Genomics, electronic health records, participant-provided data, sensors, and mobile health technologies can all contribute to personalized medicine. However, we currently cannot achieve statistical correlations amongst these almost unlimited number of parameters that will be collected by the PMI and the depth of mechanistic understanding that will be required for treatment stratification and the development of novel, targeted therapies. The promise of personalized medicine requires deep knowledge of the relationships between genotype, phenotype, and environmental variables - but we simply don’t have enough data. For example, in the ExAC database there are 3,230 genes with near-complete depletion of predicted protein-truncating variants, where 72% of these genes having no currently established human disease phenotype. If we look across organisms, we see that of these 2311 genes with unknown causal phenotypes/diseases, 88% have an associated phenotype in an ortholog, with 56% having ortholog-phenotypes in at least two species.
To much more deeply understand disease mechanisms, we must identify the relevant effector genes, variants, protein interactions, metabolites, environmental factors, etc. such that diagnostics and treatment selection strategies can be designed. The only way to bridge this gap is to rely on experimental studies in genetic diseases models. The 62K publications in PubMed (search “model organism”) and overwhelming support for model organism research is a testament to this perspective. However, there are enormous extant data sets that continue to accrue, but for which we have not yet made computationally accessible enough for the scale of the PMI. We must have a two pronged approach: put existing knowledge to more effective use now, and create processes such that new knowledge that can be applied more readily in the future.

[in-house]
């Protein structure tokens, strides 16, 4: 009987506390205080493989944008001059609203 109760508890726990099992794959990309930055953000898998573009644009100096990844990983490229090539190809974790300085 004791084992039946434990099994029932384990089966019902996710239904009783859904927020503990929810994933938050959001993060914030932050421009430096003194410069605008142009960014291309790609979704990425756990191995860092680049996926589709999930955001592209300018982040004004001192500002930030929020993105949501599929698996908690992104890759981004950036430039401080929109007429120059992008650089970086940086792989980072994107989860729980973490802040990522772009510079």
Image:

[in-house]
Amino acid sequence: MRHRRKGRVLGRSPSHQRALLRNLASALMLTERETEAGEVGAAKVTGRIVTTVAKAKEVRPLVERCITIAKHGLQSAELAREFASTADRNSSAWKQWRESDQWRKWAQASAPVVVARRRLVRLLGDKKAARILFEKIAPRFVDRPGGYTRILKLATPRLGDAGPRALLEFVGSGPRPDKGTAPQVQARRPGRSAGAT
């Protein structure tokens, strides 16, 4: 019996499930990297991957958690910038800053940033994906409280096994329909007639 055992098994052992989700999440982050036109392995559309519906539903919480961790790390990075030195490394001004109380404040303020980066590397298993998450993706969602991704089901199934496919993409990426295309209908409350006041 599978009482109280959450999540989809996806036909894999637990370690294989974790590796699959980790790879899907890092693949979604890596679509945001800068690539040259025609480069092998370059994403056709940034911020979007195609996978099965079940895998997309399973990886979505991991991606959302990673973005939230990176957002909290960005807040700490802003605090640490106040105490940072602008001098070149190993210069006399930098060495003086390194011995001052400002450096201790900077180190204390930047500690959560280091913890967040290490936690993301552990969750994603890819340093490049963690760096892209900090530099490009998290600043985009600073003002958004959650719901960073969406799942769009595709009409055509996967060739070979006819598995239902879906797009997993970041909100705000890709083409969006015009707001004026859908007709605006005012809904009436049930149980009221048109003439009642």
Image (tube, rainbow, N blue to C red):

A few of the biggest roadblocks in making model organism data computable is the lack of interoperability between the way in which we describe clinical phenotypes, and phenotypes in model organisms, and in the way these data are shared. The use of informatics approaches, or “phenomics” are pivotal to overcoming these issues and thereby enabling clinical use of animal model genotype-phenotype data. A computable representation of model organism phenotype data has already been shown to allow personalized diagnostics, and a number of publications (1), NIH-driven workshops (2), and RFIs (3) have aimed to inform such approaches. Mice and other model organisms have been invaluable in developing treatments and are increasingly being used to model disease subclasses associated with specific mutations in human and to test novel, stratified therapies - as per the goal of the PMI (for example).
Although it is possible to understand such studies without sophisticated cross-species analysis, as ever more data accumulates, it will be essential to have sophisticated data models for humans that by design will be compatible for integration of phenotypic and treatment related data across the spectrum of biology. What is needed now are advancements in the computable representation of phenotype data across species, annotation of existing and future data in a computable fashion, algorithms to relate model data to humans, and tools to make publication of computable phenotypic data easier, more accessible, and of higher quality.
We are only beginning to realize the vision of the PMI, but it can only happen if we effectively utilize all the biological knowledge that we have at hand. And for that, we require improvements to phenomics - similar to what has been previously done for genomics - to leverage model organism data to fill the gaps that we will never fill via human data alone.